Simple Models For Climate Change and Variability by De-Zheng Sun and His Collaborators


As GCMs become increasingly available for small research groups to run, simple models now risk extinction as useful tools for researchers. The popularity of GCMs is driven in part by the natural human tendency to be associated with the more sophisticated and the more complete, and in part by the ever improving readiness of these models as well as the needed computer resources to run these models. The GCMs, usually with a global output on a realistic geographic map also allows more direct comparison with the observations. The general belief that the more is included the better is the model, coupled with the practical demand of regional information for climate change and variability , ensures the superior place of the GCMs in the hierarchy of models in climate change studies.

Yet, simple models have some inherent advantages over the GCMs as their behaviors can be more completely understood. Moreover, some insights can only be obtained by simple models. For example, if we want to know the equilibria of the climate system or one of its subset system, then simple models can give information GCMs cannot give, particularly in the case the equilibria are unstable (and thus cannot be obtained by numerical integration).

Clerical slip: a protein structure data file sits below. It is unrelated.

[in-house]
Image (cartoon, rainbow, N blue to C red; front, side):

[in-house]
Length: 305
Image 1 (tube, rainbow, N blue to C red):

Simple models are capable of simulating complex climate behaviors, and are not necessarily inferior to GCMs. One example is one of my own simple model for ENSO (Sun 1997, Liang et al. 2012) which can produce strongly ENSO asymmetry as observed while most coupled GCMs collected in CMIP5 are not able to (Sun and Zhang 2014).

Historically, simple models have apparently played an irreplaceable role in understanding the behavior of the climate system. Notable examples are Manabe's radiative convective model, Hansmann's model for the midlatitude SST variability, Stommel's box model for the variability of the global thermohaline circulation, etc.

In the same spirit of these giants in climate science, I have over the years developed quite a few simple models of my own, which I believe have helped me to understand the behaviors of the climate system better. The following are highlights of of some of these models. numerical codes are available through contacting me at dezheng.sun@noaa.gov.



The Model The EquationsKey Behavior
Publication: Sun, D.-Z. and Z. Liu, 1996 : Dynamic ocean-atmosphere coupling: a thermostat for the tropics. Science, 272, 1148-1150.




The Model The EquationsKey Behavior
Publication: Sun, D.-Z., 1997: El Niño: a coupled response to radiative heating? Geophys. Res. Lett., 24, 2031-2034.